South Chicago Casino Bid Emerges Out Of Nowhere

Posted on November 1, 2019 - Last Updated on November 12, 2019

Just days after a “racino” bid in Tinley Park fell through, another bid emerged in the nearby Chicago suburb of Country Club Hills.

The situation in the southwestern suburbs shifted drastically when one of the key would-be developers for the Tinley Park project was flagged in a political corruption probe. The late scratch opened the way for Country Club Hills to take a swing at profiting from the authorized gambling expansion in Illinois.

Why the Country Club Hills bid materialized quickly

On Oct. 15, Illinois Gov. J.B. Pritzker threw a wrench in Tinley Park’s machine. His administration announced it would not be selling the state-owned parcel of land crucial for the city’s bid because of the involvement of Gold Rush Gaming owner Rick Heidner in development plans.

Heidner’s name turned up in federal warrants related to a political corruption probe involving the offices of state Sen. Martin Sandoval and McCook Mayor Jeff Tobolski. Heidner’s company Gold Rush was also implicated in the warrants.

While it’s possible Tinley Park may submit a new proposal to buy the land at 183rd and Harlem excluding Heidner from the process, for now, it’s dead in the water. The retraction of the sale effectively killed Tinley Park’s bid.

Country Club Hills wasted no time before swooping in. The failure of the Tinley Park venture appears to be the only thing holding that suburb back.

Competition for Illinois gaming license

Country Club Hills Mayor James Ford announced his city’s bid on Tuesday, Oct. 22. The projected site for the new gambling establishment is a 200-acre parcel of currently undeveloped land at the intersection of 167th and 175th streets – less than five miles from the projected Tinley Park racino location.

While there’s no timetable for when the state may decide upon the bids, there is competition. The Country Club Hills bid is one of six right now competing for a single authorized casino license in the south Chicago suburbs.

The biggest difference between the Country Club Hills bid and the Tinley Park bid is the proposed casino type. While Tinley Park proposed a “racino” (casino games and horse racing at one facility), the Country Club Hills proposal is for a casino only.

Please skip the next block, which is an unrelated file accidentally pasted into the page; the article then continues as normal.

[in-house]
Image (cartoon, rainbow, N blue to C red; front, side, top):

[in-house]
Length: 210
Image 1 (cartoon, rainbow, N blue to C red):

The five other suburbs in the running are:

  • Calumet City
  • Crestwood
  • Homewood
  • Lynwood
  • Matteson

While a Chicago suburb casino is sure to come with challenges, it seems these cities are undeterred. The potential benefit for the cities is obvious.

Why hosting a casino in Chicago’s south suburbs is attractive

Illinois state law now devotes 5% of adjusted revenues for cities that host casinos. While casino operators have decried the Illinois casino tax structure as exorbitant, it would also mean new revenue for one of these suburbs.

For a developer to invest at the current rates, there will have to be some financial incentive. It’s unclear right now what Country Club Hills is willing to offer casino operators.

Other bids have already partnered with operators like Delaware North and Wind Creek Hospitality. In order for the Country Club Hills bid to be competitive, it will likely need a similar partner.

While a 2,000-gaming position casino is likely to crop up south of Chicago in the near future, it remains uncertain where it will land.

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Derek Helling

Derek Helling is a freelance journalist who resides in Kansas City, Mo. He is a 2013 graduate of the University of Iowa and covers the intersections of sports with business and the law.

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